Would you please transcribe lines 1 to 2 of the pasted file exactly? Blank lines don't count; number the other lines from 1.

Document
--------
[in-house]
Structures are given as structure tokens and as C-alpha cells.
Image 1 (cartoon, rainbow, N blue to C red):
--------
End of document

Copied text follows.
[in-house]
Structures are given as structure tokens and as C-alpha cells.